Age of dissent
Published:  19 September, 2008

While momentum grows towards making 21 the legal age for buying drinks in the UK, the Americans are debating reducing theirs to 18. As part of this year's Responsible Drinks Retailing campaign, OLN examines both arguments

Police officers, politicians and medics are among the leading figures calling for the minimum age for buying alcohol to be increased to 21. Such a move would

bring the UK in line with the US , they say, but maybe not for long: in the

US there are growing calls for the age requirement to be reduced to 18, as is the case in most of the developed world.

Scotland is leading the UK march towards a legal age of 21, outlining plans for a change in the law - at least as far as it affects the off-trade - in a consultation document published this summer. Under its proposals, pubs would still be allowed to serve 18


olds, creating a two-tier system which trade groups like the Scottish Retail Consortium find bizarre.

England and Wales have accepted 18 as the legal age for buying drinks since 1923. In 1886, the Intoxicating Liquors (Sale to Children) Act banned sales of alcoholic drinks to children under 13. The law remained in force until 1901 when it was repealed - the new Act decided that 14 was a much more acceptable minimum age. Nine years later, on-premises sales of spirits to under-16s were outlawed.

As the UK embarked on its national debate into problem drinking and responsible retailing, it was

to be expected that

hysterical voices on the fringes would demand an increase in the minimum purchasing age. But some respectable public figures have joined the chorus.

Last year, Public Policy Research, the journal of the IPPR think-tank , said Britain had "lost the plot" in the way alcohol is regulated, and prescribed some "tough love" by considering making the legal drinking age 21.

Soon afterwards Cheshire chief constable Peter Fahy said the same thing, claiming that raising the limit would send "a clear message about the dangers" of alcohol. His counterpart in Northumbria, Michael Craik, agreed that a ban on drinking in clubs and bars for those under 21 would reduce the number of alcohol-fuelled assaults and rapes which threatened to overwhelm the police.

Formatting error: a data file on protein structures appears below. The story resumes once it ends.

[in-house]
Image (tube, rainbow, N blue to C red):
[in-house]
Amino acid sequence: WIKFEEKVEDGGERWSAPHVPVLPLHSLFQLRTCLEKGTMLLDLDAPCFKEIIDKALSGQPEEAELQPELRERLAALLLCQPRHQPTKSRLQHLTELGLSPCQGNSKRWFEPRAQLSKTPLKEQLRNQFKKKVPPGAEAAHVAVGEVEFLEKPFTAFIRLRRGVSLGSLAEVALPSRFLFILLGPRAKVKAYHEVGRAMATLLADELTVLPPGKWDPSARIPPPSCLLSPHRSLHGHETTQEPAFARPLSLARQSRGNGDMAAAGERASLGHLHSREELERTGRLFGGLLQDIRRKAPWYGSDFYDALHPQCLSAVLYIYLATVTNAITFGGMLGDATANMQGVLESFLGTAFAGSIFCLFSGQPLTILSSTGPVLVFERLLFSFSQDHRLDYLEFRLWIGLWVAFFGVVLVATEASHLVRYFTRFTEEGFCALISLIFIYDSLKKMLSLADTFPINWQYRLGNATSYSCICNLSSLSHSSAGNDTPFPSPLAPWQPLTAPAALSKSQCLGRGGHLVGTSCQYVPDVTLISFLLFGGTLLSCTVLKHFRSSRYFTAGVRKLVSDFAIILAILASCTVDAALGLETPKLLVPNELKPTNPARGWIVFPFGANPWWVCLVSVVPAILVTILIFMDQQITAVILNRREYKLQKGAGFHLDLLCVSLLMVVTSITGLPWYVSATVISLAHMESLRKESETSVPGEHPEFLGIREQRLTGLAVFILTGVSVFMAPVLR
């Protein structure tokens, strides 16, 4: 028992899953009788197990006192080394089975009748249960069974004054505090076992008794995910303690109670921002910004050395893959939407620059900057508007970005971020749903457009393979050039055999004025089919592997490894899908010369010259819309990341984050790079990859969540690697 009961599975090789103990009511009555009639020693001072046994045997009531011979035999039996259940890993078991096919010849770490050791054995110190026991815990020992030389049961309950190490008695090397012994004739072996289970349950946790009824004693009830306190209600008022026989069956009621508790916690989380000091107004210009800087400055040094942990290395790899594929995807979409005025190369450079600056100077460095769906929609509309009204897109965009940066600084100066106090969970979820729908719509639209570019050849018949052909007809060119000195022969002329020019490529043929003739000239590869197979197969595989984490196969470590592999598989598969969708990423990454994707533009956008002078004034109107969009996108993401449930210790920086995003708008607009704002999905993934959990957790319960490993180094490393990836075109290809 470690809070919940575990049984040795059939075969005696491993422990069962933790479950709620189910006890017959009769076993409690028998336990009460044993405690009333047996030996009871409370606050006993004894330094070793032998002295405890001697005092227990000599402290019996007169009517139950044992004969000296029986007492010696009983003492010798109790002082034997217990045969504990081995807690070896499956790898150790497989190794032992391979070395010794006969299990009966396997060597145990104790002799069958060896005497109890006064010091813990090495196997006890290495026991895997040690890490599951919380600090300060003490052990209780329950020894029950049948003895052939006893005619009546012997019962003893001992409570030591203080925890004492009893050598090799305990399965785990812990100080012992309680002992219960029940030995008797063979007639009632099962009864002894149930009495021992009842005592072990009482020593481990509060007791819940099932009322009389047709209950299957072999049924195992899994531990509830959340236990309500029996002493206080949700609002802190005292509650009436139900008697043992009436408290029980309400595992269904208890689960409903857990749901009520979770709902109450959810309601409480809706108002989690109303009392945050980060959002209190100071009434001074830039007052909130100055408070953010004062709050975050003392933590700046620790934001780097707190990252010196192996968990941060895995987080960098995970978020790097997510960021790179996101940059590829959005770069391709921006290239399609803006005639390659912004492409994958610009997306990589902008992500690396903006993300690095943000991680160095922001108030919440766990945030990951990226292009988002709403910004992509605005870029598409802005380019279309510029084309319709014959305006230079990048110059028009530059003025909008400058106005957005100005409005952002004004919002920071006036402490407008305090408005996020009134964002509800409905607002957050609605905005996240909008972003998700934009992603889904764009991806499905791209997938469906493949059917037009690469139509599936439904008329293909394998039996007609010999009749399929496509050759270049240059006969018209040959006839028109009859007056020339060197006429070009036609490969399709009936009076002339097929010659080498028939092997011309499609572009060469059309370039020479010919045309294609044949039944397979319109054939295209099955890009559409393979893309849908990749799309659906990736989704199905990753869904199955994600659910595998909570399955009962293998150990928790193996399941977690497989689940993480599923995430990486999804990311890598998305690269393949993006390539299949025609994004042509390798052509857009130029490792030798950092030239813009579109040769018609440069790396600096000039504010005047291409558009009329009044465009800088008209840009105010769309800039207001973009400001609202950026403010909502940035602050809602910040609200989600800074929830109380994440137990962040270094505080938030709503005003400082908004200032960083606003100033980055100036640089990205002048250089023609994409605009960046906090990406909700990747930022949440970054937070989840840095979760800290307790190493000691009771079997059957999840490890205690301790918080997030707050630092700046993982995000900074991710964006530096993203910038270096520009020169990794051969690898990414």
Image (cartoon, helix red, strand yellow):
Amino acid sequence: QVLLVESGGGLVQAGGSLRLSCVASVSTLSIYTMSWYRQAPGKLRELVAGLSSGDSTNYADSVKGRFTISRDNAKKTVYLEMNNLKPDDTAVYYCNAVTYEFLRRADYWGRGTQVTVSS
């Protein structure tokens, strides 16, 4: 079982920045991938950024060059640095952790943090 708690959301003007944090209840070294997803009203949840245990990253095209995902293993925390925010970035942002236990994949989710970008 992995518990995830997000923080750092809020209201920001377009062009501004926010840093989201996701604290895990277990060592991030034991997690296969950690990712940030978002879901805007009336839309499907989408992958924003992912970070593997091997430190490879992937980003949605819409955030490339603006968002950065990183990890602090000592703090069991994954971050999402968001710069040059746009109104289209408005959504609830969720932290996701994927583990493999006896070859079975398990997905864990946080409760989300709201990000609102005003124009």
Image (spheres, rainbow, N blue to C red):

Croydon has embarked on a voluntary ban on off-trade sales of alcohol to under-21s, a move

described by London mayor Boris Johnson as "very interesting".

So where does the general public stand on the issue? Fairly evenly divided, if an opinion poll for BBC Newsnight is to be believed. Last December, the ORB survey found that 51% of people favoured increasing the legal drinking age to 21, with 47% opposed to the idea. Perhaps unsurprisingly, younger respondents were less likely to be in favour of an increase, but even among 18 to 24

year olds, 39% of those questioned thought 21 was a sensible minimum age.

In the USA, most states imposed a minimum age of 21 after Prohibition was repealed, but in the early

seventies 29 states changed their laws to allow

drinks purchases at the ages of 20, 19 or 18. All have since reverted to 21. The American Medical Association has published research into the effects of different age restrictions, and concluded that 21 is a safer limit than 18.

"A higher minimum legal drinking age

is effective in preventing alcohol-related deaths and injuries among youths," it asserts. "When the MLDA has been lowered, injury and death rates increase, and when the MLDA is increased, death and injury rates decline.

"A higher MLDA results in fewer alcohol-related problems among youths, and the 21-year-old MLDA saves the lives of well over 1,000 youths each year.